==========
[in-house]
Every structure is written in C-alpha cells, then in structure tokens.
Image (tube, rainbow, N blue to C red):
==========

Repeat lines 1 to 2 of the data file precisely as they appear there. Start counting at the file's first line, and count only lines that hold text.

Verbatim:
[in-house]
Every structure is written in C-alpha cells, then in structure tokens.